#2 crop=soybeans Corn Belt: Ohio to the Dakotas Dairy Farming Type of Commercial Agriculture Where is it? Near urban areas in North America & Europe
Australia & New Zealand Milkshed Ring surrounding a city
Milk can be supplied without spoiling
Improved transportation allows for shipping farther from market Specialty Products Milk
Butter From excess milk Farms sell fresh milk if close to milkshed; more in the East US
Farms sell cheese, butter, dried/evaporated/condensed milk if farther from milkshed; more in the West US Distribution Farm sells to wholesalers
Wholesalers distribute to retailers
Retailers sell to consumers
Or farmers sell milk to butter or cheese manufacturers Grain Farming type of Commercial Agriculture Where is it? Western North America and southern Russia
3 important North America Regions:
Winter Wheat belt: Kansas, Colorado, Oklahoma; plant in Fall
Spring Wheat belt: Dakotas, Montana, southern Saskatchewan; plant in spring
Washington state Tools 1830s: the McCormick reaper
Today: the combine, which reaps, threshes, and cleans Wheat importance Make bread flour
Sells for more than other grains
More uses as human food
Doesn't spoil as fast; transported farther
World's leading export crop
"breadbasket": North America prairies 2 fields
one in the spring-wheat belt
one in the winter-wheat belt
spreads out workload
use same machinery for both Two Sets of Fields Livestock Ranching Ranching: commercial grazing of livestock over an extensive area Where is it? Semiarid or arid land in MDCs
Poor soil ex: Texas
Brought to America by Columbus.
Once established in Texas, they would travel to East Coast cities where they can sell cattle for high prices at a high demand.
Also in Argentina, southern Brazil, Uruguay Evolution of It Used to be herding cattle over ranges in seminomadic style
Then, became sedentary farming; dividing open land into ranches Today, part of the meat-processing industry, than isolated farming like for pastrol nomadism in LDCs type of Commercial Agriculture Mediterranean Agriculture Where is it? Mediterranean
Parts of Chile, Australia, South Africa Products Diverse crops, such as grapes, olives, nuts, fruits, vegetables
For human consumption
50% of land is devoted to cereals (except in California) Horticulture Term for growing fruits, vegetables, and flowers Bordering Mediterranean Sea Cash crops: olives and grapes
Produces 2/3 of world wine
Also important for cooking oil type of Commercial Agriculture Commercial Gardening &
Fruit Farming Where is it? Southeastern US
Close to urban areas (truck farming)
truck was the Middle English word for barter, or exchange of commodities Products Fruits and vegetables in demand, either sold to consumers fresh or to processors for freezing or canning
Many farms only produce one or two crops Workers Cheep labor from LCDs ex: undocumented immigrants from Mexico Specialty Farming A new form in New England
Crops with a limited but increasing demand among consumers type of Commercial Farming Explains importance of proximity to market & the choice of crops in commercial agriculture
Johann von Thunen: book called The Isolated State (1826)
Rent, or land value, will decrease the further you get form a market
ag. products that use land intensively, high transportation costs, perishable, or have a high demand, are close to the market
fruit and vegetables
ag. products that use land extensively are further from the market
livestock ranching
Commercial farmers combine 2 sets of monetary values to determine most profitable crop:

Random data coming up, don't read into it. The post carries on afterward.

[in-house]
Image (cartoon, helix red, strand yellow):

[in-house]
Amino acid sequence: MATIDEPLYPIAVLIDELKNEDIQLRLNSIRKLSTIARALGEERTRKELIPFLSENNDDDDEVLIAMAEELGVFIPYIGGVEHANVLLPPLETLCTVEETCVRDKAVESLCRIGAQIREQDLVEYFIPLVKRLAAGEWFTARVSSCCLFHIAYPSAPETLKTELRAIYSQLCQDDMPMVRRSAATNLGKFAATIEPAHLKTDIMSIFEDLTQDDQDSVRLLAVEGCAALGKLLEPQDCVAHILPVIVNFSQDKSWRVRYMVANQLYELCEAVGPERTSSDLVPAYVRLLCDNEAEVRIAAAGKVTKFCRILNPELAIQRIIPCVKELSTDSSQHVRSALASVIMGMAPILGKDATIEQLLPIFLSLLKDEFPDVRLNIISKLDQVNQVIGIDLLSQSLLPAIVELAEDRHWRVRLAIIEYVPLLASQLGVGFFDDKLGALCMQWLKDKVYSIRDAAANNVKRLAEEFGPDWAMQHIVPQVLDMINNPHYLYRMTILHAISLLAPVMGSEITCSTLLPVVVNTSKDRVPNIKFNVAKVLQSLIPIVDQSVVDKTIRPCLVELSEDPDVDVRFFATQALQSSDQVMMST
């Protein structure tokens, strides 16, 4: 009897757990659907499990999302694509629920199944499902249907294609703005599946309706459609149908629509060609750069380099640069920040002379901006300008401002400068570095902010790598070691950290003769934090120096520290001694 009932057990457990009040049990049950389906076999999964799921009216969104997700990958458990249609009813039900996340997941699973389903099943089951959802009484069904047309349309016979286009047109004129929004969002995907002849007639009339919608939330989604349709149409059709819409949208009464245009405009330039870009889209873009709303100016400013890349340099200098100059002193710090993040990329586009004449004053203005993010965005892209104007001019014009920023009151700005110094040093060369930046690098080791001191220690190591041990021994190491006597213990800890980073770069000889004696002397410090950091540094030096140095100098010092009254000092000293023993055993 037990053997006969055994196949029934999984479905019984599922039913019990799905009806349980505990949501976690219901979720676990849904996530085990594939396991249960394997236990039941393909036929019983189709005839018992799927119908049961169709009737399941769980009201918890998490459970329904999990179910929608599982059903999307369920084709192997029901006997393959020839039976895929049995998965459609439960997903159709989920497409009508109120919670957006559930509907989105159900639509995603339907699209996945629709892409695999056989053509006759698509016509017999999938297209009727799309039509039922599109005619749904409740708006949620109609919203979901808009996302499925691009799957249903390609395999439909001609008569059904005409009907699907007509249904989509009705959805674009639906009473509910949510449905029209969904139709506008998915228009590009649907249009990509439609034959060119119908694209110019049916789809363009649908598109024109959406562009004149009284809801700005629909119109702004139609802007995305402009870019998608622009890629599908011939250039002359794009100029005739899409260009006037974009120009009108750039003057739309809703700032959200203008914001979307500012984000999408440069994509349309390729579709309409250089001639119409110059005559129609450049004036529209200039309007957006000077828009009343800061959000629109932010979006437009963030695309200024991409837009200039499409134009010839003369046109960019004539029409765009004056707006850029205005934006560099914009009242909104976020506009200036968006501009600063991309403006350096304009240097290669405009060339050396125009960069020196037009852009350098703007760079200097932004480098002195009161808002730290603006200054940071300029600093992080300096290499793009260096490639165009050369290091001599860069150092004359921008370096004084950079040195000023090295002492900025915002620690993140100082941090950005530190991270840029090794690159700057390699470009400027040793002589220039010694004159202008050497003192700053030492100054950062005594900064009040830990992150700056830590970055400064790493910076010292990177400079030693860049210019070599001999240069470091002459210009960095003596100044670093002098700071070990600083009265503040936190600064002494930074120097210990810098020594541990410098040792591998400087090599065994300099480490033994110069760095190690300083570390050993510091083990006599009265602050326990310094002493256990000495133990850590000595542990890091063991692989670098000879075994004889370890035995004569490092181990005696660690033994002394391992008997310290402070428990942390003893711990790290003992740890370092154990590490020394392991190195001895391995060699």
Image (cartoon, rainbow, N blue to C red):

value of the yield per hectare
Cost of transporting the yield per hectare von Thunen Model city horticultural/dairying forestry crop rotation more extensive Grazing crop rotation von Thunen Model Key Issue 4:
Why Do Farmers Face
Economic Difficulties? Economic Considerations 1. rapid population growth
2. demands for the international market Also, Ag. regions are determined in part by climate and cultural preferences Esther Boserup Population has increased in subsistence economies
so farmers have increased production by leaving land fallow for short periods of time and by adopting new methods Differentiating sustainable ag.
and conventional ag. sensitive land management
limited use of chemicals
better integration of crops and livestock
(sustainable ag. is organic farming) types of commercial agriculture:
mixed crop and livestock
dairy farming
grain farming
livestock farming
Mediterranean farming
commercial gardening and fruit farming Colonial ag. systems today:
divide jobs by gender In places such as Kenya
women practice subsistence ag.
men practice commercial ag. for exports
Crops exported from LDCs can be converted to drugs Genetic modification (GM) Sub-Saharan African countries encouraged by US to increase food supply by increased use of Gm of crops and livestock
Increases yields and nutrition
More resistance to pests Identified 5 stages in the intensification of farmland:
1. Forest Fallow: fields cleared; used for 2 years; fallow for 20+ years; forest grows back

2. Bush Fallow: fields cleared; used for 8 years; fallow for 10 years; small trees and bushes grow back

3. Short Fallow: fields cleared use for 2ish years; fallow 2 years; wild grasses grow back

4. Annual Cropping: Fields used every year; fallow for few months by planting roots and legumes

5. Multicropping: Fields used several times a year; never fallow Strategies to Increase Food Supply 1. Expand land for ag.
2. Increase productivity of land now used for ag.
3. Identify new food sources
4. Increase exports to other countries
note: These all have challenges
ex: for #1: desertification (land is deteriorating to a desert condition due to being overused/dried up Green Revolution 1970s/1980s
Increased ag. productivity globally
2 main practices:
Introduce new higher-yield seeds
Expand use of fertilizers (Nitrogen is an important fertilizer) 3 means of develop new food sources
Cultivate the oceans (fish more; protect those areas)
Develop higher-protein cereals (via hybrids)
Improve palatability of rarely consumed foods (eat different things/ underused food sources) # 3 con't: Dealing with MDC overproduction Governments will:
Encourage planting fallow crops
Subsidize farmers
Purchase surplus production Ridge Tillage Type of land management
Is the planting crops on ridge tops to conserve soil aquaculture= fish farming Note: there is a food-supply crisis in LDCs, especially in Africa. A way the world economy is trying to fix this is reapportioning by exporting more food from MDCs type of subsistence farming type of subsistence farming type of subsistence farming